Animal Farm by George Orwell
12 May 2003


I read this satire for the second time a few months ago. When first I read it I was about eight years old. At that time I liked the idea of the little animals taking over from the cruel humans (come on, have you ever met a right-wing eight-year-old?). I even had the sense to get vaguely uneasy when the pigs started taking over more and more of the power - beginning from the early stage of Sqealer's commandeering of the milk. In fact, I didn't do too badly for a small child who had never heard of politics!

However, I was a bit surprised to discover that I got no more out of it on this second reading. My political philosophy has matured well past communism. I was contemptuous of Boxer, inspired by Napoleon and generally looked on the whole revolutionary thing as hopelessly naive. My socialist phase was over by the time I turned 16, and I no longer have any patience with preachers of pure socialism.

The allegory with the Russian Revolution is well controlled and I was able to pick most of the main characters (Snowball=Trotsky, Napoleon=Stalin etc) despite my limited historical knowledge. Although it does bore me a little to draw comparisons between fictional stories and historical events. Surely if a writer wishes to write about a real event, they are perfectly capable of doing so in non-ficitonal terms? Surely a great fiction can continue to be both great and fictional without any Hitler-Stalin-Disraeli parallels? This attitude of mine adds to my dissatisfaction with Animal Farm as a satire.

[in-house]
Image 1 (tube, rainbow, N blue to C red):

I think it must be one of those great-in-its-time books, and of course I understand the source of its greatness with a purely intellectual clarity, but I cannot appreciate it for what it is now. I enjoyed 1984 far better: it's more complex and mysterious. In fact, I would say 1984 is Orwell's best work, followed by Keep the Aspidistra Flying. This, of course, is based on my hugely extensive experience of three of Orwell's books.


back to litblog